There's a subtle debate unfolding among financial aid experts and advocates for students about just how much student loan debt is too much. While some recent studies have declared a crisis in student borrowing, citing the growing number of student borrowers and the amounts they owe, the College Board, in a report released Monday, seeks to reframe the discussion by focusing on those deepest in debt.
It's not that the authors of the College Board report, Sandy Baum and Patricia Steele, don't think there's a major problem with student loan debt; they do, and their report, "Who Borrows Most? Bachelor's Degree Recipients With High Levels of Student Debt," offers plenty of troubling data. But in an era where grant money is usually insufficient to meet ever-rising tuition costs, it's not borrowing per se that's the problem, they argue; it's the amount and types of loans that are likeliest to land borrowers in significant financial trouble.
That's why the report focuses not only on the two-thirds of all graduates who accumulate any debt, but on the quartile of those students who borrow the most -- at least $30,500 over the course of their undergraduate careers, according to the board's report. Having large debt alone doesn't mean that borrowers will end up in financial trouble, or that borrowers with much less debt won't default on loans, especially if they fail to graduate and/or get a job (non-graduates, who are not examined in the College Board report, are more likely to default than are degree holders). But students with high levels of debt -- particularly when that borrowing includes more expensive non-federal loans -- are especially vulnerable, the researchers say.
"You could argue that some students with $5,000 of debt are in trouble if they can't pay their rent," Steele said in an interview. "But we really wanted to answer the question, 'Who the heck are these people that are in the top category of borrowing?' to try to shift the policy conversation to those who are really susceptible to financial trouble."
Digging into data from the National Postsecondary Student Aid Study, Baum and Steele zero in on the 17 percent of all bachelor's degree recipients in 2007-8 who left college with at least $30,500 in debt (that's the top 25 percent of the two-thirds of graduates who borrow to pay for their educations). As seen in the table below, the average loan debt of more than one in six bachelor's degree recipients was an eye-popping $45,700, and more than a third of that figure came in the form of more-expensive and riskier private, non-federal loans.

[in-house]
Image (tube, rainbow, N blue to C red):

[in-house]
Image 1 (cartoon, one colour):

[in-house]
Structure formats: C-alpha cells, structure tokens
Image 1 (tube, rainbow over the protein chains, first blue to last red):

|Average Debt||Average Federal Debt||Average Non-Federal Debt|
|All High-Debt Borrowers||$45,700||$28,700||$17,000|
|--Private Nonprofit 4-Year||$53,200||$19,500||$33,700|
|--Less than $30,000||$43,000||$26,800||$16,100|
|--$30,000 to $59,999||$49,500||$23,600||$25,900|
|--$60,000 to $99,999||$49,600||$18,100||$31,500|
|--$100,000 or more||$53,900||$16,200||$37,700|
Looking only at the average levels of debt, as the previous table does, might lead one to be most worried about white and Latino students and borrowers at private nonprofit colleges, since they show the highest debt levels.
But other statistics in the College Board's report suggest that the biggest areas of concern lie elsewhere. A full 53 percent of bachelor's degree recipients at for-profit institutions fall into the "high debt" range of at least $30,500 in cumulative loan burden, compared to 24 percent of nonprofit four-year colleges and 12 percent of public four-year graduates. Just 4 percent of for-profit bachelor's graduates had no debt at all, compared to 28 percent of private four-year college graduates and 38 percent of public four-year students.
And while Steele warns against paying too much attention to breakdowns by race, because some of the sample sizes are small, data in the report do suggest that black graduates are likelier than students of other races to accumulate high debt totals (27 percent vs. 16 percent for white students, 14 percent for Hispanic/Latino students, and 9 percent for Asian students).